When ebooks are ‘free’ through libraries for two weeks (like Harry Potter)

We learned last week that Pottermore will make J.K. Rowling’s Harry Potter and the Philosopher’s Stone ebook available to UK library users for two weeks in order to celebrate the 20th anniversary of its publication. The ebook will be available through library distribution apps OverDrive, BorrowBox from Bolinda and Askews & Holts from June 26 until July 7. During that time, the U.K. library system (which signed an agreement with Pottermore) will offer unlimited number of loans to the first book in the massively popular series.

We also learned that Pottermore is supplying participating libraries with posters, flyers, social media materials and competition ideas to help them publicize the free loans (as they are called) and, in essence, help publicize the book and the series in digital format.

Those of us who have worked with ebook vendors and engaged publishers (big and small) to consider alternative ebook business models (for consumers and especially for libraries) have long been aware of the resistance on the part of established, traditional publishing houses to expose their content digitally in ways other than through the one copy-one user model.

So when a publisher such as Pottermore decides to provide a Harry Potter title in ebook format through a library in ‘unlimited’ ways (which means no restrictions are placed on how many readers can read at the same time during the two-week period, and only during that period), the first reaction is certainly one filled with hope that a new trend may be on the horizon showing signs that publishers hesitant to embrace less restrictive ebook models in libraries are embracing innovation by making some bold digital moves. What’s more, some are touting this move as a great way to ‘support’ public libraries in the U.K., which have been struggling.

The second reaction, however, is one of hesitation.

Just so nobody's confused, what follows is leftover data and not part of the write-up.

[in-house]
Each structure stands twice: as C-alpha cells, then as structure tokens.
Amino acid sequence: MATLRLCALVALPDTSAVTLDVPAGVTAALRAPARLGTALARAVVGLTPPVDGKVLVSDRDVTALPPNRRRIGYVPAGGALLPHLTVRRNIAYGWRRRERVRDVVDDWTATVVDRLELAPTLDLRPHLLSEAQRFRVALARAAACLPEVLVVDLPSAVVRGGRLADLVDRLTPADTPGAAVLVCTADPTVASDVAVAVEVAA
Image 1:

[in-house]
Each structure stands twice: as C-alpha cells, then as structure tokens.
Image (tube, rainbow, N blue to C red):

While any effort to open up quality (and sought-after books)  for free consumption in digital format—via libraries or not—is admirable and will be appreciated by a lot of people, I am not convinced that a two-week period of ‘free loans’ is enough to make a lasting impact and make library patrons feel they are being ‘rewarded’ with something, while making libraries appear generous and competitive in the ebook market.  What happens after the two-week period ends? Will those ebooks disappear from the patrons’ devices like they usually do with the one copy-one user model?

What happens if a reader makes it through half a book on his/her device, gets interrupted because life gets in the way, and wants to continue reading a month from now when the ‘unlimited loaning’ is over? He must get a library card? He must go to the bookstore to buy a print copy? There are likely logical answers to such questions, but I am led to conclude that this move is helping promote the series, the publisher, and the ebook services providing access to the ebook more than it will help transform an image of struggling libraries and frustrated public library patrons who want to read ebooks without restrictions.

For years now, public libraries around the world have struggled to keep their doors open, especially those not located in affluent urban areas. A more productive way for publishers and vendors to help libraries remain competitive in the digital age is to arm them with the tools that do not frustrate savvy users, especially not the millennials used to getting the content they need when they need it. Placing restrictions on reading and calling temporary free access to bestsellers ‘free loans’ will not make patrons return to the library or remain loyal users. The simple truth is: like all digital content, ebooks don’t really work well when tied to ‘loans’ and ‘expirations.’

Still, for two full weeks, library patrons across the U.K. will be able to get to the first book in the series without limitation on their mobile devices. That’s good news indeed, and perhaps the first necessary step after years of resistance from publishers to go beyond ‘one copy-one user.’ Let’s hope that the subsequent steps (assuming they are to be taken soon in the future) raise the bar higher and keep those ebooks open for reading longer. So that libraries do not become the ‘sampling’ ground leading to more sales but trusted places users can go to for no-strings-attached access to literature. Either that or they will continue trailing behind and disappointing ebook readers.

Libraries, publishers and library vendors must work together to create more sustainable solutions for simultaneous, uninterrupted, and instant access.

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